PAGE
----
In July this year, the Left of UK Politics was rightly impressed with Mhairi Black’s maiden speech to the House of Commons. One part of that which particularly resonated on social media was her reference to Tony Benn’s “weathercocks and signposts” (6:20 in her speech)
“In politics there are weathercocks and signposts – weathercocks will spin in whatever direction the wind of public opinion may blow them, no matter what principle they may have to compromise.
And there are signposts, signposts which stand true and tall and principled.
Tony Benn was right when he said the only people worth remembering in politics were signposts.”
A round condemnation of MPs who vote according to whatever happens to be popular instead of what they believe to be right – and in particular a condemnation of those Labour MPs who abstained on key issues (as the party whip dictated).
Fast forward to the last few weeks, and many of those same people who celebrated Mhairi Black’s speech, who themselves shared Tony Benn’s words as an example of how an MP should be, are now condemning Labour MPs who disagree with Jeremy Corbyn on a number of divisive issues.
(most notably ISIS / Syria, and what our response should be)
This strikes me as hypocrisy of a rather extreme sort. Even more so when we remember just how incredibly rebellious Jeremy Corbyn himself was as a backbench MP.
For people who four months ago demanded that our MPs stand up and be counted to disparagingly label these MPs ‘Blairites’ and even ‘red Tories’ for doing just that – for, in a word, being signposts – shows a breathtaking lack of self-awareness.
Particularly as the chief argument for why these MPs should be forced to vote against their principles is “most members agree with Corbyn”. Isn’t that ‘being a weathercock’? That was a terrible crime in July.
Either you want our MPs to stand by their principles, or you don’t. It doesn’t magically become okay for them to lack a backbone when their principles clash with yours.
(and let’s be clear – military action is a very serious matter of conscience issue. It would be expected for this to be a free vote – for Corbyn to threaten a three-line whip for as long as he did & only allow the free vote under sufferance (following several threats of resignation) is not the ‘more democratic’ party we were promised – nor would it allow for the principled MPs that we all claimed we wanted back in July)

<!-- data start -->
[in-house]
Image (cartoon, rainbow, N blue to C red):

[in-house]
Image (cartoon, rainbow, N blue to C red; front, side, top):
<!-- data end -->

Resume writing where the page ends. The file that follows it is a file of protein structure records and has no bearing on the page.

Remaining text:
This is not an isolated example. It seems increasingly the case that anything other than full-throated obedience to Jeremy Corbyn and his exact political outlook will see one labelled a Tory, and start people crying for a ‘purge’ (not, I should point out, by senior aides in the party, but by those would label themselves Corbyn supporters)
This is not even vaguely approaching party democracy. This is a shouting down of dissent.
I’m firmly on the left of our party. If I had to vote on air strikes, I’d probably vote ‘no’ (although my position on military action is more complex). But this sort of totalitarian “you’re with Corbyn or against him” attitude that many of his supporters publicly express is astonishingly toxic, and it doesn’t belong in our party.
The Labour Party works only because it has members from across the spectrum of the left; our ‘broad church’ synthesises and moderates ideology (from the left and the right of the party) into policies which make us electable while still achieving our core goals.
Or at least, that’s what meant to happen. Talking of purging party members and MPs who don’t obey every command from on high is horrifyingly authoritarian – and frankly does not make me hopeful for what our party would look like if such attitudes became normal practice.
If your position is good enough, then you can persuade dissenters of its merits. If you have to deny them a voice then you’re half-way to admitting just how weak your argument is.
If you’re purging everyone who disagrees with you, if you’re demanding that all party members think and behave exactly the same way, and that any & all dissent be punished with exile from the party… then you don’t want (and have never wanted) ‘signpost’ MPs.
You want a politburo.
Edit: this post was originally written on the morning of the 30th, when Jeremy Corbyn had yet to concede on allowing the free vote on Syria. I have updated this post to reflect the change in party policy.